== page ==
My writing teacher sent us out to identify a mentor whose writing life we might model ourselves after. This was to be an opportunity to find a writer with an internet presence if possible. (She did say that if our role model was a recluse, without an internet platform that would make the assignment easy).
An obvious choice would have been Melody Beattie, but instead someone else came startlingly to mind: Penelope Niven. Last year I fell in love with her memoir, Swimming Lessons. In it I learned that she began publishing books rather late in life (not much younger than I am now).
I went googling straight away to see if I might find a way to follow Penelope, hoping to take a peek at her path. She'd already inspired me with her memoir, and I suspected she had more big plans in the works. Maybe her focus would rub off on me. Or maybe even one day I'd ask her to blurb the book I aspire to write?
So how did she get started? "Penelope Niven was a high school English teacher, nearing 40, when she began work on a biography of Carl Sandburg. She had never written a book before. She didn’t have a Ph.D. in literature and hadn’t even been that familiar with Sandburg’s work.But the volume she produced 14 years later, “Carl Sandburg: A Biography”(1991), was ground breaking and helped revive interest in a nearly forgotten poet, Lincoln biographer and literary folk hero of his time."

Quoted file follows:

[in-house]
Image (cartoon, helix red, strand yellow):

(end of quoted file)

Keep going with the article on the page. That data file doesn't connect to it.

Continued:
I was happy to find her shining smile and elegant gray coif pictured at the top of her webpage: http://www.penelopeniven.com
But the print below her picture told me of her writing landmarks, achievements and honorary degrees-- in the past tense. Niven had passed last August of an aneurism, the day before my mom's birthday.
I tell myself coincidences are God's way of being anonymous. But does her death mean that I must give up on her as a “mentor” or role model?